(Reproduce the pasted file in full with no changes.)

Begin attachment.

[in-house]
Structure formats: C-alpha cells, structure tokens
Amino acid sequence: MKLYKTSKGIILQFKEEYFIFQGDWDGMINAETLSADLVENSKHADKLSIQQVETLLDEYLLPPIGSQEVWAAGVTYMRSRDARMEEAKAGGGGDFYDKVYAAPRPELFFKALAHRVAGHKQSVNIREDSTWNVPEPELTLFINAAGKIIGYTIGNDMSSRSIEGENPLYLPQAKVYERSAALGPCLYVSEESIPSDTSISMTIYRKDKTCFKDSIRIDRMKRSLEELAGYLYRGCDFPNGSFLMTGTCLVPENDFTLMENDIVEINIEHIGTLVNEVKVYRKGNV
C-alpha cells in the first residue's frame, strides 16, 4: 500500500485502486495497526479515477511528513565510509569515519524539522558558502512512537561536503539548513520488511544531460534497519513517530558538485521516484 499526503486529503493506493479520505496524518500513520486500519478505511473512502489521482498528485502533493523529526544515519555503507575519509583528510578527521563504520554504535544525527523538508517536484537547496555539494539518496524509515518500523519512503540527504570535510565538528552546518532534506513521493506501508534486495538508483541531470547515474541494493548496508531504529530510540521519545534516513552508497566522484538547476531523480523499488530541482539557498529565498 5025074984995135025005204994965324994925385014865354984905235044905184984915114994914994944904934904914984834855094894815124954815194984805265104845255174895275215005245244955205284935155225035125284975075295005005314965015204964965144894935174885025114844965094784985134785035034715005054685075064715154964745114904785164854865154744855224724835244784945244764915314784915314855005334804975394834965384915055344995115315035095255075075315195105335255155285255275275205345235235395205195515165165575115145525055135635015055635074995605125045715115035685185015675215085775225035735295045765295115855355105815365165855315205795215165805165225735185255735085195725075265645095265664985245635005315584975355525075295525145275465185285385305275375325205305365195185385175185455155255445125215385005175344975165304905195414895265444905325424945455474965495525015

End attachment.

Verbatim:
[in-house]
Structure formats: C-alpha cells, structure tokens
Amino acid sequence: MKLYKTSKGIILQFKEEYFIFQGDWDGMINAETLSADLVENSKHADKLSIQQVETLLDEYLLPPIGSQEVWAAGVTYMRSRDARMEEAKAGGGGDFYDKVYAAPRPELFFKALAHRVAGHKQSVNIREDSTWNVPEPELTLFINAAGKIIGYTIGNDMSSRSIEGENPLYLPQAKVYERSAALGPCLYVSEESIPSDTSISMTIYRKDKTCFKDSIRIDRMKRSLEELAGYLYRGCDFPNGSFLMTGTCLVPENDFTLMENDIVEINIEHIGTLVNEVKVYRKGNV
C-alpha cells in the first residue's frame, strides 16, 4: 500500500485502486495497526479515477511528513565510509569515519524539522558558502512512537561536503539548513520488511544531460534497519513517530558538485521516484 499526503486529503493506493479520505496524518500513520486500519478505511473512502489521482498528485502533493523529526544515519555503507575519509583528510578527521563504520554504535544525527523538508517536484537547496555539494539518496524509515518500523519512503540527504570535510565538528552546518532534506513521493506501508534486495538508483541531470547515474541494493548496508531504529530510540521519545534516513552508497566522484538547476531523480523499488530541482539557498529565498 5025074984995135025005204994965324994925385014865354984905235044905184984915114994914994944904934904914984834855094894815124954815194984805265104845255174895275215005245244955205284935155225035125284975075295005005314965015204964965144894935174885025114844965094784985134785035034715005054685075064715154964745114904785164854865154744855224724835244784945244764915314784915314855005334804975394834965384915055344995115315035095255075075315195105335255155285255275275205345235235395205195515165165575115145525055135635015055635074995605125045715115035685185015675215085775225035735295045765295115855355105815365165855315205795215165805165225735185255735085195725075265645095265664985245635005315584975355525075295525145275465185285385305275375325205305365195185385175185455155255445125215385005175344975165304905195414895265444905325424945455474965495525015